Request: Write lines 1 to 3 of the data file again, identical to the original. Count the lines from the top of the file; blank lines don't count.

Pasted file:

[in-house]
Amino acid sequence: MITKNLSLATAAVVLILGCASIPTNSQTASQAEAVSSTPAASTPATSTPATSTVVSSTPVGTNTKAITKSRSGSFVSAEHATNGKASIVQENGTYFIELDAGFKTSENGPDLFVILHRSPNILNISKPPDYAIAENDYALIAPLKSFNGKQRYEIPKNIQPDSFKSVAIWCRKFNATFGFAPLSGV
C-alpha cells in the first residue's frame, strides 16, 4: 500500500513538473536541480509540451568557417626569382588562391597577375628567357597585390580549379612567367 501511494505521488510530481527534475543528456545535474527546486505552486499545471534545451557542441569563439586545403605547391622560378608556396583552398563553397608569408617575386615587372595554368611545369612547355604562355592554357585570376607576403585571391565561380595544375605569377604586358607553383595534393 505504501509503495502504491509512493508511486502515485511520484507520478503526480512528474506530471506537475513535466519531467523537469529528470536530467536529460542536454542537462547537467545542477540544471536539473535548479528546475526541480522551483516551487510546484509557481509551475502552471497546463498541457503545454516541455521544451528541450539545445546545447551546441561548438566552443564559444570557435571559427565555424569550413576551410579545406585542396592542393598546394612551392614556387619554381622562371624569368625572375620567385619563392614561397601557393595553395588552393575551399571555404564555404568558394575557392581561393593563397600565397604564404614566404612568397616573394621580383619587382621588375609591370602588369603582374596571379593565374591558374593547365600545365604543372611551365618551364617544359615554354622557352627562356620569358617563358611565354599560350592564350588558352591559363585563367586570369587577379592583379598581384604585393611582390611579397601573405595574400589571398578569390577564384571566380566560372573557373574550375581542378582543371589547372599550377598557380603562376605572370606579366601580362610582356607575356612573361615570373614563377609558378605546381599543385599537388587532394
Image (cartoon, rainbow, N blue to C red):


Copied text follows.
[in-house]
Amino acid sequence: MITKNLSLATAAVVLILGCASIPTNSQTASQAEAVSSTPAASTPATSTPATSTVVSSTPVGTNTKAITKSRSGSFVSAEHATNGKASIVQENGTYFIELDAGFKTSENGPDLFVILHRSPNILNISKPPDYAIAENDYALIAPLKSFNGKQRYEIPKNIQPDSFKSVAIWCRKFNATFGFAPLSGV
C-alpha cells in the first residue's frame, strides 16, 4: 500500500513538473536541480509540451568557417626569382588562391597577375628567357597585390580549379612567367 501511494505521488510530481527534475543528456545535474527546486505552486499545471534545451557542441569563439586545403605547391622560378608556396583552398563553397608569408617575386615587372595554368611545369612547355604562355592554357585570376607576403585571391565561380595544375605569377604586358607553383595534393 505504501509503495502504491509512493508511486502515485511520484507520478503526480512528474506530471506537475513535466519531467523537469529528470536530467536529460542536454542537462547537467545542477540544471536539473535548479528546475526541480522551483516551487510546484509557481509551475502552471497546463498541457503545454516541455521544451528541450539545445546545447551546441561548438566552443564559444570557435571559427565555424569550413576551410579545406585542396592542393598546394612551392614556387619554381622562371624569368625572375620567385619563392614561397601557393595553395588552393575551399571555404564555404568558394575557392581561393593563397600565397604564404614566404612568397616573394621580383619587382621588375609591370602588369603582374596571379593565374591558374593547365600545365604543372611551365618551364617544359615554354622557352627562356620569358617563358611565354599560350592564350588558352591559363585563367586570369587577379592583379598581384604585393611582390611579397601573405595574400589571398578569390577564384571566380566560372573557373574550375581542378582543371589547372599550377598557380603562376605572370606579366601580362610582356607575356612573361615570373614563377609558378605546381599543385599537388587532394